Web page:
Literary Analysis: Sweat by Zora Neale Hurston

Topics: Black people, White people, Race and Ethnicity Pages: 5 (1976 words) Published: July 21, 2013
“Drenched in Light”
In the short story “Drenched in Light” by Zora Neale Hurston, the author appeals to a broad audience by disguising ethnology and an underlying theme of gender, race, and oppression with an ambiguous tale of a young black girl and the appreciation she receives from white people. Often writing to a double audience, Hurston had a keen ability to appeal to white and black readers in a clever way. “[Hurston] knew her white folks well and performed her minstrel shows tongue in cheek” (Meisenhelder 2). Originally published in The Opportunity in 1924, “Drenched in Light” was Hurston’s first story to a national audience. "Drenched in Light" is a story centered on a young girl named Isis Watts. Isis is faced with the oppressive nature of her grandmother, working constantly, and giving up her childhood. Every childish act Isis does is met with a beating from Grandma Potts. Being the only female child around increases the pressure she receives to be a lady. When Grandma Potts wakes up to find Isis and her brother preparing to shave her, Isis runs out of the house in fear of another beating. After, Isis hears a band near her house and remembers that a carnival is in town. With Grandma Potts out of sight and out of mind and nothing to look forward to besides a beating for the attempted shaving, Isis grabs the red tablecloth to use as a Spanish shawl and follows the band to town. Isis runs for the woods when Grandma Potts sees her dancing and entertaining a crowd of people. Soon a white couple from the carnival find her playing in the water and promise to take her home and assist her in escaping Grandma's wrath. Isis returns to an irate Grandmother, berating her with insults and frustrations about her brand new tablecloth being ruined. The White lady offers Grandma $5 to replace the tablecloth and requests the company of Isis saying, "I want her to go on to the hotel and dance in that table cloth for me. I can stand a little light today”(Hurston 18). At first glance, the story just seems to be a simple tale of innocent “Isis the Joyful” and her naïve relationship with a white couple. If you look beneath the planted stereotypes of Hurston’s racial manipulation, the story is in fact is a “complex interaction of race and gender in the lives of black women” (Meisenhelder 6). Throughout the story Isis struggles not with not only whites, but her own identity and future as a black woman. It appears that Isis, a young vibrant black girl, has been purchased by a white woman for $5. This transaction feels a lot like slavery and at first we pity Isis to have been handed over by her Grandmother for such a small amount of money without hesitation or remorse. When the story is further dissected we realize that there is much more to little Isis than meets the eyes. “Everybody in the country, white and colored, knew little Isis Watts, Isis the Joyful” (Hurston 10). Right now, Isis is adored by many. She is a mischievous little girl whose antics have earned her a place in the hearts of the entire town. As a young girl, she is not intimidating. The townspeople have not yet realized the power her spirit has over them. If she was able to entrance the entire town dancing in the street draped in a table cloth, imagine what power she might possess after becoming a woman. Ancient Egypt worshiped “Isis” as the goddess of fertility. She is the ideal mother and wife as well as the matron of nature and magic. She was the “friend of slaves, sinners, artisans, the downtrodden, as well as listening to the prayers of the wealthy, maidens, aristocrats and rulers” (Clark 240). By giving Isis such an empowering name, Hurston suggests that she will grow up to be a strong, beautiful, and empowered black woman. Lillie Howard recognizes that “[Grandma Potts] keeps up a stern front to keep the girl in line, to perhaps break her spirit so that she will not fall victim to a world which had little tolerance for spirited blacks”(150). Grandma Potts may...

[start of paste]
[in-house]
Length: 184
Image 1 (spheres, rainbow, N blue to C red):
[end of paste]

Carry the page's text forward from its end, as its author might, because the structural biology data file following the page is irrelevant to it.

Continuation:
Cited: (1946) :240-42 JSTOR. Web. 15 Nov. 2010.
Davis, Doris. “ ‘De Talkin’ Game’: The Creation of Psychic Space in Selected Short Story
Fiction” Tulsa Studies in Women’s Literature 26.2 (2007) 269-86
Hurston, Zora Neale. “Drenched in Light.” Spunk. Ed. Bob Callahan. Berkeley, CA: Turtle Island Foundation, 1985. Print.
Meisenhelder, Susan. Hitting a Straight Lick with a Crooked Stick, Race and Gender in the Work of Zora Neale Hurston. Tuscaloosa, AL: U of Alabama P, 1999. Print.
Stine, Jean C. and Daniel G. Marowski, eds. Contemporary Literary Criticism. Vol. 30. Detroit:
Gale, 1984
Williams, Regennia N. “Zora Neale Hurston and a History of Southern Life” Journal of African American History 92.1 (2007):129. Web. 1 Nov. 2010.
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